The much anticipated React 18 update is here, and here is everything you need to know about ‘What’s New in React 18’. Let us see the latest React 18 features and changes that will revolutionize how the world Reacts!

React v18.0 is here after a long wait and many speculations in the React community about the major updates this version will bring to the developers’ community and the clients as well. From the beginning, the React team has been very cautious about introducing these groundbreaking upgrades to the React developers at a pace that they can understand, adopt and embrace entirely. They invited a panel of experts, library authors, developers, and educators from various fields to participate in their React 18 Working Group for giving inputs, providing feedback, and collaborating with them on the release. This group aims to prepare the React ecosystem for a smooth, seamless adoption of React 18 for existing libraries and applications. Now that React 18 is finally out, there are many React 18 new features and changes that will redefine React in the future. There has been major consideration and measures taken to ensure that upgrading your current React project to React 18 doesn’t break your existing code. Without further ado, let’s get right into it:

Also Read: ReactJs Advantages and Disadvantages

1. React 18 Concurrent Mode

This is one of the most important React 18 new features that solve an age-old ignored problem in React – concurrency. It is not exactly a feature; however, it works more like a behind-the-curtains function, that powers React to prepare various instances of your UI concurrently (at the same time). Generally, React designs APIs, and hides the implementation details from developers. They believe React developers need to focus on how using React features will help them achieve the user experience they want for their clients and React will figure out how to deliver that experience. Although, Concurrent React is not just an implementation detail. It is a fundamental React change that updates React’s core rendering model which makes it important to understand how Concurrent React works in React 18. Before React 18, or even before upgrading to React 18 and not enabling concurrent features, updates are rendered in a single, uninterrupted, and synchronous transaction. The problem with asynchronous transactions is once you initiate an update to render, nothing can interrupt it until the result is shown on the user’s screen. This is not always the case in concurrent rendering. React can very well initiate rendering an update, pause it in middle, or abandon an already in progress rendering update entirely. React guarantees a seamless user experience and consistent UI at all times even when a render is interrupted. This enables React to create new screens behind the scenes without affecting the main thread. Hence the main thread can respond to the user input as soon as it receives it, even if it is stuck in rendering a middle to large update. This creates a seamless user experience. Another benefit of concurrent React is the reusable state. Through concurrency, React will be able to eliminate sections of the overall UI from the users’ screen and add them back whenever by reusing its previous state. For instance, when a user changes tabs and returns to the original tab, React will be able to store the state of the original tab in the same state as it was before. React 18 is going to introduce a new component called to implement this pattern.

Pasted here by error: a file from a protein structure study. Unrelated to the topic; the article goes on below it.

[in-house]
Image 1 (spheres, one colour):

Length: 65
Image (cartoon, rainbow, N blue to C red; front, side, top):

2. Automatic Batching

React has always used batching for grouping state updates using event handlers and inbuilt hooks. Doing so helps prevent components from unnecessarily re-render for all state updates, which results in improvised performance. Until React 17, batching was only supported for browser events. With the new React 18 release, React is launching an improved version of batching called ‘Automatic Batching‘. Automatic Batching will enable batching for all state updates irrespective of where they’re coming from with createRoot. This will include batch state updates, asynchronous operations, intervals, native event handlers, and timeouts.

React 17 batching:

function App() {
  const [count, setCount] = useState(0);
  const [flag, setFlag] = useState(false);

  function handleClick() {
    fetchSomething().then(() => {
      // React 17 and earlier versions does NOT batch these because
      // they run *after* the event in a callback, not *during* it
      setCount(c => c + 1); // Causes a re-render
      setFlag(f => !f); // Causes a re-render
    });
  }

  return (
    <div>
      <button onClick={handleClick}>Next</button>
      <h1 style={{ color: flag ? "blue" : "black" }}>{count}</h1>
    </div>
  );
}

Here as you can see, as React 17 and previous versions only batched updates after the event is in a callback, it sets both functions to cause a re-render, making the entire React app rerender twice separately. However, React 18 overcame this limitation by batching updates inside of any promises, timeouts, native event handlers, or any other events just like updates inside React events were handled in React 17. This will significantly reduce unnecessary re-renders, improving application performance:

React 18 Automatic Batching:

function App() {
  const [count, setCount] = useState(0);
  const [flag, setFlag] = useState(false);

  function handleClick() {
    fetchSomething().then(() => {
      // React 18 and beyond WILL batch these:
      setCount(c => c + 1);
      setFlag(f => !f);
      // React will only re-render once at the end (that's batching!)
    });
  }

  return (
    <div>
      <button onClick={handleClick}>Next</button>
      <h1 style={{ color: flag ? "blue" : "black" }}>{count}</h1>
    </div>
  );
}

Stopping Automatic Batching with flushSync()